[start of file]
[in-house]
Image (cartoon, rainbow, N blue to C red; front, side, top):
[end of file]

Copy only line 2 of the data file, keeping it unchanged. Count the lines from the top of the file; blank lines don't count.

Image (cartoon, rainbow, N blue to C red; front, side, top):